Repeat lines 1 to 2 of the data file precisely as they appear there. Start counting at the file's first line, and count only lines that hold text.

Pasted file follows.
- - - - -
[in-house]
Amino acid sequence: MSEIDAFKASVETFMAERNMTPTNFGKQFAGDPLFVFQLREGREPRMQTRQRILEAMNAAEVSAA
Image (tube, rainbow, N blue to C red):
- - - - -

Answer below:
[in-house]
Amino acid sequence: MSEIDAFKASVETFMAERNMTPTNFGKQFAGDPLFVFQLREGREPRMQTRQRILEAMNAAEVSAA